Contraceptive Methods. Ana Corona, FNP-Student University of Phoenix 2001. Contraceptive Barrier Methods. Contraceptive Barrier Methods. Mechanical barrier methods are best suited for women who find using a method near or at the time of intercourse acceptable.
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Ana Corona, FNP-Student
University of Phoenix
Foam gives the woman control over contraception.
It is available over the counter without a visit to a clinician.
It can be put into the vagina up to 20 minutes before sexual intercourse and is effective immediately.
Has a few side effects and is considered to be safe.
It has an antiviral action that helps protect against STDs.
May decrease the incidence of cervical cancer.
There are no hormones involved.
Foam adds lubrication and moisture.
Foam can be irritating to the vagina or penis.
It may be messy.
It may not be protective against HIV (the virus that causes AIDS).
Some women do not like putting an applicator into the vagina.
The container carrying the foam is large and may be embarrassing to carry around.
Unpleasant odor or taste.
Having to wait 20 to 30 minutes after insertion before having intercourse.
Offers women control over condom use.
Covers the external genitalia, it potentially provides additional disease protection over vaginal barrier methods.
There is no contact between semen and vagina.
Easy to buy in drugstores or supermarkets.
Can be used by people allergic to latex or spermicide.
Does not require fitting by a health care professional
Insertion can be rather difficult and actual use may be awkward.
Consistent and correct use is necessary.
May be noisy
May irritate vagina or penis.
May slip into vagina during intercourse.
Inexpensive and easy to get.
Lightweight and disposable.
Does not require a prescription.
Condoms may help a man stay erect longer.
Prevention of STDs
May prevent cervical cancer.
Some men and women feel that the condom dulls sensation.
The interruption of sexual foreplay to apply the condom.
Possible allergic reaction to rubber or latex.
It has none of the systemic side effects of the hormonal methods.
It may help protect against sexually transmitted diseases, especially if nonoxynol-9 is used as the spermicide.
Can be used during menstrual cycle for the purpose of blocking menstrual blood flow when having intercourse.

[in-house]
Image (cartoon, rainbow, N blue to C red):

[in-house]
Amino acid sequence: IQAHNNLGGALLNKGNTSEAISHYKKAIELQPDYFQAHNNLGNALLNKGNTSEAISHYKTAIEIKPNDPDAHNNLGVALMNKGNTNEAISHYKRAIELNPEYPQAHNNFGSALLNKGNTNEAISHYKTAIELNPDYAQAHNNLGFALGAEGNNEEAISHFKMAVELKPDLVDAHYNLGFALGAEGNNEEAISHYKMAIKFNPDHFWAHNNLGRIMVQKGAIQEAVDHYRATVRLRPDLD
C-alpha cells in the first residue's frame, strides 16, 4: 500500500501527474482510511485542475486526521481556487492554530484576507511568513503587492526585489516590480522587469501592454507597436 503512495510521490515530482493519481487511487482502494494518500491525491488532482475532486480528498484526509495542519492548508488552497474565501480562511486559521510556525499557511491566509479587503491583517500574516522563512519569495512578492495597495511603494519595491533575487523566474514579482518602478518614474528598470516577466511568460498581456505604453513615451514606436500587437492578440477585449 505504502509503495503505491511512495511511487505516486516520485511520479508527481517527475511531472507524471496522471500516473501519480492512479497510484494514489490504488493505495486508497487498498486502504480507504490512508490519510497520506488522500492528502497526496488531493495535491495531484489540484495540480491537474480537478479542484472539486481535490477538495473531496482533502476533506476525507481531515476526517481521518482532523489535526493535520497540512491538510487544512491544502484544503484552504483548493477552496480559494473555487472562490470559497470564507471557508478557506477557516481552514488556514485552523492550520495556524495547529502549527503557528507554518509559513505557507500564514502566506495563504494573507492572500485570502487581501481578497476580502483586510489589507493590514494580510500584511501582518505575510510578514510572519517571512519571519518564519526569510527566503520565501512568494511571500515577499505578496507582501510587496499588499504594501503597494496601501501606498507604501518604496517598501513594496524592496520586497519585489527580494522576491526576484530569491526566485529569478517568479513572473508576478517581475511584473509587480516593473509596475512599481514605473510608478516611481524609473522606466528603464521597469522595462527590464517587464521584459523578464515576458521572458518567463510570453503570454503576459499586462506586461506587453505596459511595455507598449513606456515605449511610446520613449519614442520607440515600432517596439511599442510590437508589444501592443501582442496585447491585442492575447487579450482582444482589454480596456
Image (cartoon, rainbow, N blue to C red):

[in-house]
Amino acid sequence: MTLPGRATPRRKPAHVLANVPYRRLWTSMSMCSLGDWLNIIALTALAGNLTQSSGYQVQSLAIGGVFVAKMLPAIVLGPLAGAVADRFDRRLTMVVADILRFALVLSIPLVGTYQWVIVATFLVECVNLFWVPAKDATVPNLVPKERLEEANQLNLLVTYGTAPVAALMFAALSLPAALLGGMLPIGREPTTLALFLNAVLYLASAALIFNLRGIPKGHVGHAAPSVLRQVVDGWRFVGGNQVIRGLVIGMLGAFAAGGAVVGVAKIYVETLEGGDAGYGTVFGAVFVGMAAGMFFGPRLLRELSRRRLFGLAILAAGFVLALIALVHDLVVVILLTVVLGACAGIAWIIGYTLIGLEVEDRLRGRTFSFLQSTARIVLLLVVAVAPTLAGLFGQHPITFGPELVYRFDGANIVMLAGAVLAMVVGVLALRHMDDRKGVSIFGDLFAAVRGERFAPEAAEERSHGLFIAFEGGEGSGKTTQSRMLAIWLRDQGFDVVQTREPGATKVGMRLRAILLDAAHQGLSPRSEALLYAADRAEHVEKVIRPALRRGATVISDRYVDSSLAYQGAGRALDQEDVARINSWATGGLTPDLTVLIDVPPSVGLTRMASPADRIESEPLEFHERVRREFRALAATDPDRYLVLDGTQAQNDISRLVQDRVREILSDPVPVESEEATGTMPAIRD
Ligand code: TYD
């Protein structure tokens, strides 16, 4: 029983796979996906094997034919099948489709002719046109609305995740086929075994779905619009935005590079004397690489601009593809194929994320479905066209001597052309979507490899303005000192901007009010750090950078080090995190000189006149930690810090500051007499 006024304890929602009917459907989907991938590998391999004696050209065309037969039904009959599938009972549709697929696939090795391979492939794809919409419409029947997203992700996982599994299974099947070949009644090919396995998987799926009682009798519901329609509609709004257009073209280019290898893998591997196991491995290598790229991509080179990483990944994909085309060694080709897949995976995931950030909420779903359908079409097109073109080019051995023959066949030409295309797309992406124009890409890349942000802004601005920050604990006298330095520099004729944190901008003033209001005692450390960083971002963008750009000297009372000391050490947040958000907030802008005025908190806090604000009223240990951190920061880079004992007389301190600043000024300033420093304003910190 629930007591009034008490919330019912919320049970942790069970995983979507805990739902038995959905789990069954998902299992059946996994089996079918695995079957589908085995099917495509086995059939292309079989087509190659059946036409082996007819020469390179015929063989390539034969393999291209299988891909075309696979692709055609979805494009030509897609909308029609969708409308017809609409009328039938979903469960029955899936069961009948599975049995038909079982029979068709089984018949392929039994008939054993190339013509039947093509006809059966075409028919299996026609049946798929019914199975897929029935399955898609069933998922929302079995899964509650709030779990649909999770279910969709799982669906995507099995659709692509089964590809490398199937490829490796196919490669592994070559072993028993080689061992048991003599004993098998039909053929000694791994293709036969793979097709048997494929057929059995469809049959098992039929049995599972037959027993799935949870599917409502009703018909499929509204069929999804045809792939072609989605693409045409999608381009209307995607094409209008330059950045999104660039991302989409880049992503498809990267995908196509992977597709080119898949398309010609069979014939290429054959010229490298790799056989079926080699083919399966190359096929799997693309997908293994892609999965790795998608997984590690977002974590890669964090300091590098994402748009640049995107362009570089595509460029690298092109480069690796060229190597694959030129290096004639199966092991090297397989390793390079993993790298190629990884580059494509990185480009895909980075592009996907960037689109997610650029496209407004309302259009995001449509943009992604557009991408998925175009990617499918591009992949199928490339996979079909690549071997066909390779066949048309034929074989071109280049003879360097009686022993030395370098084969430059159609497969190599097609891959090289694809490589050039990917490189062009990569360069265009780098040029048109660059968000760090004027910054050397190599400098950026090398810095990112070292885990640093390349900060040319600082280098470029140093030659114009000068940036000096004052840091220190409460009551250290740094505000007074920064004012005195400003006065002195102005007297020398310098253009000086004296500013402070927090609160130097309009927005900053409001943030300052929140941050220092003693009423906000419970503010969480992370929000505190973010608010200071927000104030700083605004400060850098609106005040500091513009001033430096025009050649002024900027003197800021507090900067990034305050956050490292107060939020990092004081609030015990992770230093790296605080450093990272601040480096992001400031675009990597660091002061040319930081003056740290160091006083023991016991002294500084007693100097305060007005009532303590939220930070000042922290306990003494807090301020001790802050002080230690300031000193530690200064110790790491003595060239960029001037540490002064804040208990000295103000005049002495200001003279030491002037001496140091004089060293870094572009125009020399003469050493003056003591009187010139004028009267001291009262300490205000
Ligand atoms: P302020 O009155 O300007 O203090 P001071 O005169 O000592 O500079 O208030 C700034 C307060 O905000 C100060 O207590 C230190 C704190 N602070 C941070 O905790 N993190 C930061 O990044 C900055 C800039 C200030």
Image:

May protect against cervical cancer.
Effective immediately upon insertion.
May predispose to urinary tract infections for some women.
Women or men may be allergic to the latex in the diaphragm.
May become dislodged during intercourse.
Women experience pain, bleeding, vaginal discharge, or constipation.
Predispose to toxic shock syndrome (If left in place longer than the recommended 6 to 8 hours after intercourse).
Difficulty with learning or executing its proper insertion and care.
Insertion is not related to time of intercourse.
More comfortable and less messy than the diaphragm.
It may be left in place longer than the diaphragm without additional application of spermicidal agent.
May protect against STDs, PID, and cervical cancer.
Women may have allergic reaction to the spermicide or the rubber cap.
Insertion and removal is difficult.
May become dislodged during intercourse.
Vaginal odor can occur.
Should not be used in women who have cervical lacerations, cervical malformations, cervicitis or an abnormal papanicolaou smear.
Is not related in any way to the time of sexual intercourse.
Does not require partner cooperation.
Makes fewest demands on the user.
Has no general systemic effects.
Does not interfere with lactation.
Women may experience long heavy menstrual cycle.
Midcycle bleeding may also occur.
May experience pain during intercourse.
Expulsion of an IUD may be partial or complete and may be apparent or undetected.
Perforation of the uterus is a rare but potential serious complication that may be cause by an IUD.
Pelvic Inflammatory disease has been reported to occur at an incidence two to four times greater than for non-IUD users.
High risk for an ectopic pregnancy.